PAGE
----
It was February 2002, and America tottered above a precipice.
The Comet King was dead. The Other King was busy mopping up the shreds of resistance in the American West. Singer riots had several cities aflame. BOOJUM’s reign of terror continued unabated. And President Bush had been assassinated by his own teleprompter.
Cometh the hour, cometh the man. Rumors swirled around newly-sworn-in president Dick Cheney. They said that he was literally heartless, that his blood was pumped by a strange contraption connected to a battery pack strapped around his chest. They said that he carried the Sword of Chang, a Bush family heirloom that made its wielder invincible in political battles at the cost of a portion of his soul. They said he had a ranch down in Texas where he hunted the most dangerous game of all: man. They said that one day when he sat for Sunday services at St. John’s Church, the pastor had read from the Gospel of Matthew -“Who among you, if a child asks for bread, would give him a stone?” – and Cheney had stood up immediately and raised his hand until they informed him it was a rhetorical question.
Cheney declared martial law. He smoked out the various nests of Singers and terrorists one by one the same methodical way he hunted quail. When people started protesting his heavy-handed tactics, he smoked them out too. He threw Colorado to the wolves for the sake of peace with the Other King, and peace with the Other King he got. His armies marched against the bandits haunting the Midwest – Paulus the Lawless, the Witch-King of Wichita – until one by one they lay down their arms in abject surrender to spend the rest of their lives in Guantanamo Bay.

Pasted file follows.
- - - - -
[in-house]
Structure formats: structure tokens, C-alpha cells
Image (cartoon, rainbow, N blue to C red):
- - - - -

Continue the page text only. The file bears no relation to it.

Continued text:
In 2004, he informed the country that there would be no need to trouble themselves with an election. When he was sworn in for a second term, he was observed to very carefully hold his hand hovering just above the Bible without touching it. The traditional medical examination was done, and he was declared fully human, apart from the thing with his heart. As far as anyone knew, he avoided touching Bibles just in case.
Some accused him of desecrating the Constitution. President Cheney would have none of it. Nobody, he declared, respected the Constitution more than he did, and he would prove it. He decreed that out of respect for the Constitution, all copies of the document must henceforth be covered with a silken shroud and removed from human gaze, lest its sanctity be polluted by human sight, human touch, or human interpretation. Old pieces of parchment and modern civics textbooks alike were sealed away in places of honor, where they might be viewed only by those who had performed the necessary purification rituals. The image of Cheney reverently placing a pure white drape over the original Constitution in the National Archives became such a symbol of national unity that people started calling the federal government “Shroudies” by association.
There were a lot of people who thought that America would never go for martial law. They were wrong. It was the mid-2000s, and America was exhausted. The libertarians had made freedom unbearable, the evangelicals had made faith unbearable, the social justice movement had made equality unbearable, the lawyers had made justice unbearable, loud people in Uncle Sam hats had made patriotism unbearable, and the entirety of capitalism over the last two centuries had made industry unbearable. Americans were sick of all the virtues and ready for a straightforward, no-nonsense villain. Cheney and all the other servants of the Shrouded Constitution were only too happy to provide.